Sep 12, 2010

Jama Masjid Old Delhi

Mughal Emperor Shah Jahan’s greatest contribution to Islamic architecture may be the Taj Mahal, but the Jama Masjid in Old Delhi isn’t too shabby either. Commissioned by the ruler and completed in the 1650s it can house more than 25,000 worshippers and is India’s largest mosque.
To enter one of its three gates you must first climb steep red sandstone steps, navigating a handful of snake charmers, post card sellers and trinket vendors. Once inside it’s easy to see how Jama Masjid’s vast courtyard can accommodate the population of a small city. On the edges of the courtyard are verandahs with gorgeous views of the Red Fort and Old Delhi. I like to stand here in the shade and listen to the sounds of the bustling markets and chaotic traffic below.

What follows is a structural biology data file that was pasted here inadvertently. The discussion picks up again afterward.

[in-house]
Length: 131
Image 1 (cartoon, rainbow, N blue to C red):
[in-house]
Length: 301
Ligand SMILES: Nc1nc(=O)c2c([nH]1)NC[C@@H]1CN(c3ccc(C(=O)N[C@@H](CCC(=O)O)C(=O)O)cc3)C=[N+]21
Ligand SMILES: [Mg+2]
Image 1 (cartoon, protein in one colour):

Like all mosques you are required to take your shoes off before entering. A caretaker will watch them. Bring a pair of socks if you don’t like walking barefoot outdoors (the mosque has a healthy pigeon population) or if you want to protect your feet from being scorched by sun-baked marble.

Appropriate dress is also required. Men should not wear shorts. Women should wear clothing that covers their shoulders and knees.

Jama Masjid is open to non-Muslims seven days a week in the mornings, 8:30 a.m. (earlier in the summer) until 12:15 p.m. It reopens at 1:45 p.m. and closes 30 minutes before sunset. If you plan to take photographs be prepared to pay a fee, about 100-150 rupees.


Lakshmi said...

lovely perspective -esplly the second pic..I hope to be in Delhi next month after the games

Wendy said...

Sounds good. I can't wait to see the new airport terminal the next time I go to Delhi.